Friday, December 28, 2007
"Yechi" Lubavich Mishichist Camp Loses Court Battle.
By the way, I am not one to get involved in the fighting between the "Yechi" mishichist sect and the non-Yechi camp within the Lubavich movement, but I heard from a friend that on Thursday, there was a decision in the court case over which of the two groups "owned" (a.k.a. had rights to) 770 Eastern Parkway ("770").
The decision was that 770 belongs to the non-yechi camp.
In short, the two camps, both divided and both followers of the Lubavicher Rebbe, have opposing views of how to view the Rebbe now that he has passed on. The yechi camp, also known as the mishichist camp view the Rebbe as Moshiach (the Massiah). The non-yechi camp view the Rebbe as their leader, but only potentially Moshiach, (but because his body is dead and buried at the Ohel, so far he is not Moshiach).
In Chassidus (the mystical teachings of Torah), there is the concept of each Rebbe being moshiach, meaning that he brings people closer to G-d and that he reveals new aspects of Torah, etc., however that doesn't mean that he is the Moshiach (the Messiach that Jews are waiting for).
Anyway, the importance of this court decision is that since the Lubavicher Rebbe's death around 10 years ago (probably longer by now), the yechi camp has taken over 770 Eastern Parkway ("770") to the exclusion of the non-yechi Lubavichers. Most shluchim (emmissaries sent to various places in the world by the Rebbe to open up Chabad Houses and bring Jews closer to G-d) are non-yechi, regardless of what their personal beliefs are about the Rebbe and whether when Moshiach comes, whether it will be the Rebbe. These shluchim congregate in Crown Heights, Brooklyn once each year for the annual convention. The problem is that last year, one Yechi guy threw a bench at the shluchim, another threw a Gemara at one, and yet another set of them blocked entry by forming a linked-chain to prevent the shluchim from entering 770. Further, last year (or the year before, I can't remember), they blasted music that made being in 770 unbearable, and overall, have caused many problems for the Lubavich movement by infiltrating the Lubavich schools and teaching the children moshichist beliefs, some of which don't have a basis in Torah (although they will prove to you otherwise).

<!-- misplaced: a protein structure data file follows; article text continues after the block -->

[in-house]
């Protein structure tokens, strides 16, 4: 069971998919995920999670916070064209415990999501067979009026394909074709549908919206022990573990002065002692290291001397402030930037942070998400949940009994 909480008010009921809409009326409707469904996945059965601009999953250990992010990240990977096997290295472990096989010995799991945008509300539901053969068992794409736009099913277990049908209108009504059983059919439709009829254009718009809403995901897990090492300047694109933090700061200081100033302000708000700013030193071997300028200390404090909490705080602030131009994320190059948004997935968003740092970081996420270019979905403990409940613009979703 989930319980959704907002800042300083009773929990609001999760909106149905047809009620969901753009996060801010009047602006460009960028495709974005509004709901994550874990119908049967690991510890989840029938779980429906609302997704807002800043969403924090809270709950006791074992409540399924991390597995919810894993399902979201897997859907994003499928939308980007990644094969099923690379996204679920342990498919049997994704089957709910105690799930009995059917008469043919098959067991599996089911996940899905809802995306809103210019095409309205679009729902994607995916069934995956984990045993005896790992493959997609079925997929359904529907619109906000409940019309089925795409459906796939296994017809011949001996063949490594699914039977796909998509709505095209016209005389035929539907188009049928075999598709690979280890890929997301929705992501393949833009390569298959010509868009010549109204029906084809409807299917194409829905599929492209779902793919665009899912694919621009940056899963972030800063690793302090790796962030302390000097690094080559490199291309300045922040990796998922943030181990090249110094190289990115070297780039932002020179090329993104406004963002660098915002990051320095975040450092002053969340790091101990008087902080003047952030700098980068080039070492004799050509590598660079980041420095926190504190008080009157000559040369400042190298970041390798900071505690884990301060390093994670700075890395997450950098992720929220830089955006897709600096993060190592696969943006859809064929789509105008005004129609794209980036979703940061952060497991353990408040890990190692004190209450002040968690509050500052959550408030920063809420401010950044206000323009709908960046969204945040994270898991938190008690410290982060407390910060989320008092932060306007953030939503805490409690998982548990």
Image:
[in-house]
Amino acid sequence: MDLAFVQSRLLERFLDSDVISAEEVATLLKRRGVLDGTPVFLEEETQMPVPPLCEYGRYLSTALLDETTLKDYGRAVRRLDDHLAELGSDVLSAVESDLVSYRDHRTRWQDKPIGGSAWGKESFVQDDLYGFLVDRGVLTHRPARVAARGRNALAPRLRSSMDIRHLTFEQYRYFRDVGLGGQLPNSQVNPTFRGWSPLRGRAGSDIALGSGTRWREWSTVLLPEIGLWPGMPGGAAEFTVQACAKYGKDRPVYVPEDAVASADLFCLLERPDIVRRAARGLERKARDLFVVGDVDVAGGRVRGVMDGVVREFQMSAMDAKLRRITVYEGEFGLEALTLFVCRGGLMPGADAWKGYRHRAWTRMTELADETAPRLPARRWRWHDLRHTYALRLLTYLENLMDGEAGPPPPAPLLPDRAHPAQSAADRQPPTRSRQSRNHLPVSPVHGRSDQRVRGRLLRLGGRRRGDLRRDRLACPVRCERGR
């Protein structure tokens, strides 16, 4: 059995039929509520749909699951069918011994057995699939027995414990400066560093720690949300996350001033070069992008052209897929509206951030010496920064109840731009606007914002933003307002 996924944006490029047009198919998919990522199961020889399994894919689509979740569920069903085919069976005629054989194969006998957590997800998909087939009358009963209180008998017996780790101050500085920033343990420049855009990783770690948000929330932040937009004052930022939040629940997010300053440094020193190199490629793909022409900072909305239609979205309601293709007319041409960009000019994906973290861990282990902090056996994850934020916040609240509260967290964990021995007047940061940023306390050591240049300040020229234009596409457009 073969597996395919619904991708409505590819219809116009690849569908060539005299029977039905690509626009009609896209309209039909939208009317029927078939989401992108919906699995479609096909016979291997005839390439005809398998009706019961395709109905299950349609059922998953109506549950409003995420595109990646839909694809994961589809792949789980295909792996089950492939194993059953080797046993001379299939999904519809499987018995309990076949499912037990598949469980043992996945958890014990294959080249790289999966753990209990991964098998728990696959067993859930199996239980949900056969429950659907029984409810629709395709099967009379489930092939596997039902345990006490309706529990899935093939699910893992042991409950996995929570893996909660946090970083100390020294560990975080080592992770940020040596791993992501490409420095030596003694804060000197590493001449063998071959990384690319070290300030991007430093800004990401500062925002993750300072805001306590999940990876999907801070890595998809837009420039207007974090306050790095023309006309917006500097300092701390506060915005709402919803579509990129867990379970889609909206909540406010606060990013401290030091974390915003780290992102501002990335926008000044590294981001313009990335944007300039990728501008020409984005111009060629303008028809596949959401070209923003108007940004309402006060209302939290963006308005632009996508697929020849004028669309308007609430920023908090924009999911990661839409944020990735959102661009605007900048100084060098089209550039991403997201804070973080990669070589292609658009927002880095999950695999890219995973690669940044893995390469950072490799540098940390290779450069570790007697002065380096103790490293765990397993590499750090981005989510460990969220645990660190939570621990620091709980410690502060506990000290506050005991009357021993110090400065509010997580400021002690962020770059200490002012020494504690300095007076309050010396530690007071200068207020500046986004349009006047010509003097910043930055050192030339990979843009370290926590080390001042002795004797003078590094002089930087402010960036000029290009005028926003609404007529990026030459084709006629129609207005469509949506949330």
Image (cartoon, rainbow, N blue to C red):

All this being said, the court decided that 770 belongs to the non-yechis, so this is a big victory for us. However, the meaningfulness of this though is limited, because it is almost certain that the Yechi camp will appeal this decision and it will go back to court for another round.
My personal view is that there should be no division between Jews, but the reality of it is that there are different beliefs, and often enough, both belief sets are right. G-d is infinite, and is expressed in infinite ways. It only makes sense that one group of Jews believe that he should be worshipped with fear and others to believe that he should be worshipped with love. Similarly within the Lubavich movement -- obviously the Rebbe was a great Jew and a Tzaddik in our time. Also, the Rebbe has the capacity to be Moshiach and may very well be (we will see soon when Moshiach comes). However, now that the Rebbe is dead, it makes sense that there will be a group of Jews who believe that if we call him forth to be Moshiach, that will influence him to come back sooner; thus, the yechi camps go to extremes to try to get people to acknowledge that he is Moshiach (similar to how people tried to convince others that JC was the son-of-G-d and that he had not died). Then there is the non-yechi camp who believes that following the Rebbe's teachings will bring Moshiach sooner (whoever Moshiach ends up being). This seems to me to be the essence of the division between the two camps.